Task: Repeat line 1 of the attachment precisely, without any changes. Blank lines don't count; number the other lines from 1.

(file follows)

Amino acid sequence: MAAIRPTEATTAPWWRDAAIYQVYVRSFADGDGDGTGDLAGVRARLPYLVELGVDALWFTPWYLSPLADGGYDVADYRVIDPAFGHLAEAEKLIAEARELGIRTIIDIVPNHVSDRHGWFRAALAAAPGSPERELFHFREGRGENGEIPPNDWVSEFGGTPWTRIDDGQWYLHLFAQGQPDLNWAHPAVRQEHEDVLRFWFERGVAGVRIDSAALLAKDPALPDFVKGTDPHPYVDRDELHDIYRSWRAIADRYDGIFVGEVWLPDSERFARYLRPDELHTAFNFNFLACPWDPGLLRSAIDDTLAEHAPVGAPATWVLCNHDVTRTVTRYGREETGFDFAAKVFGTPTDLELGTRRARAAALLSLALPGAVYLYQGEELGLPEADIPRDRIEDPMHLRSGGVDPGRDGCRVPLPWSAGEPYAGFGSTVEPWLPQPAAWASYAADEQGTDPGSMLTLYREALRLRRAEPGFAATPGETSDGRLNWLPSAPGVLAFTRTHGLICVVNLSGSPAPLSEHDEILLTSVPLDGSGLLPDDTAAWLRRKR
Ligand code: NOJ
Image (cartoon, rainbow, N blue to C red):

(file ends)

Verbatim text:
Amino acid sequence: MAAIRPTEATTAPWWRDAAIYQVYVRSFADGDGDGTGDLAGVRARLPYLVELGVDALWFTPWYLSPLADGGYDVADYRVIDPAFGHLAEAEKLIAEARELGIRTIIDIVPNHVSDRHGWFRAALAAAPGSPERELFHFREGRGENGEIPPNDWVSEFGGTPWTRIDDGQWYLHLFAQGQPDLNWAHPAVRQEHEDVLRFWFERGVAGVRIDSAALLAKDPALPDFVKGTDPHPYVDRDELHDIYRSWRAIADRYDGIFVGEVWLPDSERFARYLRPDELHTAFNFNFLACPWDPGLLRSAIDDTLAEHAPVGAPATWVLCNHDVTRTVTRYGREETGFDFAAKVFGTPTDLELGTRRARAAALLSLALPGAVYLYQGEELGLPEADIPRDRIEDPMHLRSGGVDPGRDGCRVPLPWSAGEPYAGFGSTVEPWLPQPAAWASYAADEQGTDPGSMLTLYREALRLRRAEPGFAATPGETSDGRLNWLPSAPGVLAFTRTHGLICVVNLSGSPAPLSEHDEILLTSVPLDGSGLLPDDTAAWLRRKR